There are many good Mormons out there doing their best to follow their consciences. But their doctrines show a disturbing trend — they change over time! How can this be?
Unlike Catholics, the Church of Jesus Christ of Latter-Day Saints (LDS) believes in ongoing public revelation. Members believe there are still prophets who are revealing new beliefs from God. Conveniently, they often change their church’s teachings to match the political and cultural zeitgeist.
Here are four major cases of the LDS leadership changing their official doctrines.
Early Mormons justified their polygamy on religious grounds. Joseph Smith, the founder of the LDS church, had dozens of wives. Later, God supposedly revealed to His people that He no longer wanted them to practice this.
Racial diversity in LDS leadership
For a long time, Mormons denied women and black men full access to the church on doctrinal grounds. In 1978 — when the Civil Rights Movement was making strides — they received a revelation that it was time to allow black men into their priesthood and temple.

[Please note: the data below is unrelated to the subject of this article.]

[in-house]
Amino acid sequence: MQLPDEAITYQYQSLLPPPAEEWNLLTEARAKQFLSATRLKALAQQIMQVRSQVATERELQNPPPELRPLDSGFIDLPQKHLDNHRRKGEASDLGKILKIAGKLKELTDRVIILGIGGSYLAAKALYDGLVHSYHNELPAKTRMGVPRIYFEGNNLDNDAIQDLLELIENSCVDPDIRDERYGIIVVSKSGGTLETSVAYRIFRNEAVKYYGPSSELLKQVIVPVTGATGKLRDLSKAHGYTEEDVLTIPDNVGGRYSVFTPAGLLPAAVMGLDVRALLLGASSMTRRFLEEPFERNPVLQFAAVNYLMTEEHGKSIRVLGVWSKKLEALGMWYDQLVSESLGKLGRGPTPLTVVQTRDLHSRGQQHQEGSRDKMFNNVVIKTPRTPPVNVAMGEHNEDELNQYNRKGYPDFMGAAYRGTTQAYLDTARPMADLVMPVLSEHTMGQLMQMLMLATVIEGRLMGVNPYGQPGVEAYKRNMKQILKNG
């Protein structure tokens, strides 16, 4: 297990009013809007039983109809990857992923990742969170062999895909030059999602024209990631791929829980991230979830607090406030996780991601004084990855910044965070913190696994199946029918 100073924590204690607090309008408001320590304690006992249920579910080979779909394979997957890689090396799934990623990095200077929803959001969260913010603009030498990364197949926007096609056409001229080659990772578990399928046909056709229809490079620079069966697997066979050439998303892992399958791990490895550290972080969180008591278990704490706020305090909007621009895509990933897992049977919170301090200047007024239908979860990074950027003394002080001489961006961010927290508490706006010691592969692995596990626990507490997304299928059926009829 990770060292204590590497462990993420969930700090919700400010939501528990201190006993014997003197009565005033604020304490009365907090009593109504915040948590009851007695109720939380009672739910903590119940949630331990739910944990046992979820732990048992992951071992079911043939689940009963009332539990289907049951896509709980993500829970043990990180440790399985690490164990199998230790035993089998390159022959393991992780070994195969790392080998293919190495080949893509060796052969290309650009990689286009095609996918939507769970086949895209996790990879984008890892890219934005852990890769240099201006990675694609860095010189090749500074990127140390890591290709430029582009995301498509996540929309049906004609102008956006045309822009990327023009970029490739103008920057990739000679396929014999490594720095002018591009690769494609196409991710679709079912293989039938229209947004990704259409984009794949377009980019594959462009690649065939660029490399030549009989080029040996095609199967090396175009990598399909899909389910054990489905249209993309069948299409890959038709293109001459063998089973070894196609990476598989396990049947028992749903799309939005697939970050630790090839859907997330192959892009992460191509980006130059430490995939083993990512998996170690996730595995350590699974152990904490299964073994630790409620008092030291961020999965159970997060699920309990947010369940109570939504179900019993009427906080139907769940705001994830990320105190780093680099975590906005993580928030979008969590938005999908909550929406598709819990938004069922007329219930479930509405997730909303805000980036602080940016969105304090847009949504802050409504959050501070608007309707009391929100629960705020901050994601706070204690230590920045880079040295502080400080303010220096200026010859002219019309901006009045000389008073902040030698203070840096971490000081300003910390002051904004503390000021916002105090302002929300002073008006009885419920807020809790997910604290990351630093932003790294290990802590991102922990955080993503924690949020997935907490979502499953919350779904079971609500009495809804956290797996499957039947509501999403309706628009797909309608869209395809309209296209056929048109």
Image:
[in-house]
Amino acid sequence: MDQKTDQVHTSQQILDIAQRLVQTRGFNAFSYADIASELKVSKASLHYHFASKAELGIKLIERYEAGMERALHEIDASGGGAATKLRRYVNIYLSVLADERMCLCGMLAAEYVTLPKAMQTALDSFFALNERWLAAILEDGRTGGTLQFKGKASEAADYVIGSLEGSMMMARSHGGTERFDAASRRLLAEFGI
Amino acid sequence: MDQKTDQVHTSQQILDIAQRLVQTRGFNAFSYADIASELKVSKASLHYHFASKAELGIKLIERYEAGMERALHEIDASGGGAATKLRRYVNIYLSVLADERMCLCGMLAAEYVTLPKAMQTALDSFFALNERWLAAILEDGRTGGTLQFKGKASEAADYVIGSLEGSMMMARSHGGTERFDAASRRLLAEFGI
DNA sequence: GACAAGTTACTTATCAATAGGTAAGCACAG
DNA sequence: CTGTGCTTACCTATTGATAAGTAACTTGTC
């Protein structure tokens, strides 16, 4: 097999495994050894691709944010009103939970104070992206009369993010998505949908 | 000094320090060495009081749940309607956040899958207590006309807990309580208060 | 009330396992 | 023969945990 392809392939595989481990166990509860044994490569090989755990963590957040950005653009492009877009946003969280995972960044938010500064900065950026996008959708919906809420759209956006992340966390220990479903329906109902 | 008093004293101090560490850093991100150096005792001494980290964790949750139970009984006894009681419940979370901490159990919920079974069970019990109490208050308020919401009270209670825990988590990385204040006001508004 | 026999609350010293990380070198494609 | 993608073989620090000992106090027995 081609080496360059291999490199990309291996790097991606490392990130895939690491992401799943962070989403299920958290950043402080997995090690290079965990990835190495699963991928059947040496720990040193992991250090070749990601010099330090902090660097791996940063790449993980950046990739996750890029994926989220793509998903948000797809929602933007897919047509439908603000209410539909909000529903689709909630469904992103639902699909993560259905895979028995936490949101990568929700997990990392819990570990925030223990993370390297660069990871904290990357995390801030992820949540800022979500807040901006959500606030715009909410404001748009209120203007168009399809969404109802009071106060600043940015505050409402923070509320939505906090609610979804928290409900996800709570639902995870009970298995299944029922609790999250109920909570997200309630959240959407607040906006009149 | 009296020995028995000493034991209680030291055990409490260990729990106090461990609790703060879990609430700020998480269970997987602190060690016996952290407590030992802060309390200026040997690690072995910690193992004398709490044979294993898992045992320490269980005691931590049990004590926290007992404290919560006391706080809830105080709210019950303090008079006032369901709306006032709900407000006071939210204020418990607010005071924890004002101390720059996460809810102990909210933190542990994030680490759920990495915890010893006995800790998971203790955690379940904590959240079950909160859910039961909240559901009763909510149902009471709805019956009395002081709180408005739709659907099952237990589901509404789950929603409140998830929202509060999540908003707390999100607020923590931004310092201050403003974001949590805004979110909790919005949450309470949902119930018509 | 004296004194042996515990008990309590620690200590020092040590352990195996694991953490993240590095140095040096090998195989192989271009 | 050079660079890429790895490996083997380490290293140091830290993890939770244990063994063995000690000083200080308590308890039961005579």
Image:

Brigham Young was the second prophet and president of the Mormon church. He taught several things that were later considered unorthodox by Mormons. One such belief is blood atonement. According to Young, some sins — such as adultery — require the shedding of the sinner’s blood in order for him or her to receive forgiveness. If a man found his wife in bed with another man, Young believed the husband should slay them both to save their souls.
Adam the Lord
Young also speculated that Adam — the first man — was the true God and creator of this world. Mormons were to worship Adam alone. Mormon leaders later deemed this belief heretical.
Christ made it clear that His teachings would often contradict the wisdom of the world. It’s no surprise that the world hates the Catholic Church for adhering to supposedly “out-of-date” teachings. We don’t have the convenience of changing doctrine to suit our age because we know that the eternal truths of God transcend time.